Observation of a re-entrant kinetic glass transition in a micellar system with temperature-dependent attractive interaction
Department of Nuclear Engineering, Massachusetts Institute of Technology, Cambridge, MA 02139, USA.The European Physical Journal E (Impact Factor: 1.76). 12/2002; 9(3):283-6. DOI: 10.1140/epje/i2002-10081-5
We detect in a tri-block co-polymer micellar system an ergodic-to-nonergodic-to-ergodic transition, as a function of temperature, in a range of concentrations, by photon correlation measurements. The shear viscosity is also shown to jump two order of magnitude at these transition temperatures. Surprisingly, the structure factor as measured by small angle neutron scattering shows a marked narrowing at the structural arrest state. Rationalization of these results with the existence of an attractive branch in the phase diagram of an attractive colloid system predicted by mode coupling theory is made.
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ABSTRACT: The comparison of aggregation behaviors between the branched block polyether T1107 (polyether A) and linear polyether (EO)60(PO)40(EO)60 (polyether B) in aqueous solution are investigated by the MesoDyn simulation. Polyether A forms micelles at lower concentration and has a smaller aggregation number than B. Both the polyethers show the time-dependent micellar growth behaviors. The spherical micelles appear and then change to rod-like micelles with time evolution in the 10 vol% solution of polyether A. The micellar cluster appears and changes to pseudo-spherical micelles with time evolution in the 20 vol% solution of polyether A. However, the spherical micelles appear and change to micellar cluster with time evolution in the 20 vol% polyether B solution. The shear can induce the micellar transition of both block polyethers. When the shear rate is 1 × 105 s−1, the shear can induce the sphere-to-rod transition of both polyethers at the concentration of 10 and 20 vol%. When the shear rate is lower than 1 × 105 s−1, the huge micelles and micellar clusters can be formed in the 10 and 20 vol% polyether A systems under the shear, while the huge micelles are formed and then disaggregated with the time evolution in the 20 vol% polyether B system. KeywordsBranched block polyether-Aggregation behavior-Micelle-MesoDyn simulationColloid and Polymer Science 11/2010; 288(16):1581-1592. DOI:10.1007/s00396-010-2294-7 · 1.87 Impact Factor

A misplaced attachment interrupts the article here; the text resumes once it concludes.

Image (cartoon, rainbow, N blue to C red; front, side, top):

Article: Characterizing Complex Fluids[Show abstract] [Hide abstract]
ABSTRACT: Among the experimental techniques used to characterize complex fluids, neutron scattering has played a unique and successful role, primarily for two reasons: (1) neutrons access the proper length and time scales, especially small-angle neutron scattering and reflectometry for structural and kinetic studies and neutron spin echo for dynamic investigations; and (2) for hydrogen-containing substances, the exchange of hydrogen by deuterium facilitates labeling on a molecular scale, an extremely important method for deciphering complex structures in multicomponent materials. In this short review, we give a number of examples for successful neutron studies of dense particle suspensions, including aggregation phenomena, in situ kinetic studies on shape transformations, shear-induced surfactant self-assembly phenomena near surfaces, and dynamics of complex fluids. Finally, we give an outlook on future developments.11/2003; 28(12):907 - 912. DOI:10.1557/mrs2003.253
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ABSTRACT: We report a set of viscoelastic measurements in aqueous solutions of a copolymer micellar system with attractive interactions, a system characterized by a percolation line (PT), and a structural arrest (SA) in the particle diffusion motions of a kinetic glass transition (KGT). We observe, in both transitions, dramatic variations in both the elastic (or storage G′(ω)) and loss components (G″(ω)) of the shear moduli. At the PT, rheological data are characterized by a scaling behavior, whereas at the SA G′ and G″ develop a plateau and a marked minimum, respectively. These behaviors are described in the frame of percolation models and mode coupling theory (MCT).Physica A: Statistical Mechanics and its Applications 12/2003; 330(1):206-217. DOI:10.1016/j.physa.2003.08.026 · 1.73 Impact Factor
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